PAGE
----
The federal government has signed an emergency contract worth $5.7 million to pump bunker oil and mixed fuels from a sunken wreck in Nootka Sound.
The 483-foot MV Schiedyk cargo ship went down on Jan. 3, 1968 after striking a submerged ledge off Bligh Island, and rests about 350 feet below the surface. It has been leaking fuel and fouling areas of the Zuciarte Channel since last fall.
Florida-based Resolve Marine Group, which has worked on multiple wrecks and cleanups — including the 2010 Deepwater Horizon spill in the Gulf of Mexico — was called in earlier this year to assess the MV Schiedyk and will now start pumping out its fuel tanks.
Resolve Marine will use a technique called hot tapping to reduce the volume of fuel in the tanks.
The company plans to drill a hole in the fuel tank from the outside, attach a drainage valve and then pump the fuel out of the tank through a hose attached to the valve.
The assessment of the MV Schiedyk found two tanks containing heavy fuel oil — one with marine diesel oil and the other containing mixed oil products.
The amount of fuel is estimated to be about 147 cubic metres, based on the total volume of the tanks, but that amount may be less if the internal tank walls have been compressed, according to government officials.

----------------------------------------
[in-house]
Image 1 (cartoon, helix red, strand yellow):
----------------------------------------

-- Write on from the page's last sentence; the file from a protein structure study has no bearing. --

In a statement, the federal government said the hot-tap method has been used successfully on shipwrecks for many years, including in the Manolis L in Atlantic Canada in 2018.
There is, however, a “small risk” of a larger release of oil.
Canadian Coast Guard environmental response crews are prepared to address any sudden surge of fuel.
Work is scheduled to begin in mid-June and is expected to take several weeks.
Government officials said recent results of a technical assessment determined that immediate action to remove bulk fuel is necessary to protect Nootka Sound, an area rich in natural beauty and in the traditional territory of the Mowachaht/Muchalaht First Nation.
Since last fall, the coast guard, the province’s Environment Ministry and the Mowachaht/Muchalaht First Nation have been jointly leading a virtual command post to manage fuel on the water and protect the surrounding beaches and marine mammals using thousands of metres of absorbent booms.
About 40,000 kilograms of oil-soaked driftwood, plant debris and booms have been recovered since the start of the response operation.
The MV Schiedyk was built in Ireland in 1948 and was leaving Gold River and headed to Portland, Oregon carrying about 100 tonnes of barley and wood pulp when it sank. It likely had full fuel tanks as it headed out to sea and struck the submerged ledge on the south side of Bligh Island, before drifting down Zuciarte Channel and sinking on the east side of Bligh Island.
Records indicate all 34 crew members abandoned ship.
Resolve Marine Group will be supported by Canadian subcontractors, including the Canadian-registered Atlantic Condor vessel, which will act as the operations platform.